Saturday, June 7, 2014

What They Were Doing

What with Memorial Day followed rather abruptly by the big 70th D-Day celebrations, the public's interest is focused on patriotism which is as it should be -- VA scandal and L'Affaire Bergdah anyone?

I reviewed Carl Sferrazza Anthony's book "First Ladies" previously, but I also said I'd get back to it.  We're back.

Anthony very cleverly keeps us abreast of times in the White House by telling us what the former and someday First Ladies were doing at the incumbent's time.  For example: 

World War II   Mamie is the First Lady and Ike is in Europe.  Edith Wilson, Woodrow's widow, joined her at Red Cross events.  Pat Nixon was newly arrived in Washington after urging Richard to become a part of the Office of Price Administration where she also worked.  A lack of servants at Hammersmith Farm meant the Jackie Bouvier had to pick up the slack by gardening, learning housekeeping and doing the cooking for friends.  No more "Cook we'll be 12 at lunch today."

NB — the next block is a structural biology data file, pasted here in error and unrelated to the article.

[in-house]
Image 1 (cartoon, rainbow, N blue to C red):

Harry Truman desegregated the Army but Jackie Bouvier resented that her school, Farmington, did not accept blacks or Jews.  Rosalynn Carter was appalled at the difference in schooling in the South  when a young black girl asked her for homework help.  Betty Bloomer (hadn't married Gerald yet) was nicknamed "The Martha Graham of Grand Rapids" and ran a dance group, ignoring any "color line."

I liked this spotlight on a group portrait.  Perspective is all. 

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